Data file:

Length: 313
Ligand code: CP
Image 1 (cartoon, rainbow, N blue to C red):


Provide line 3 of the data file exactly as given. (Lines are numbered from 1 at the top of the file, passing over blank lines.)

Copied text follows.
Image 1 (cartoon, rainbow, N blue to C red):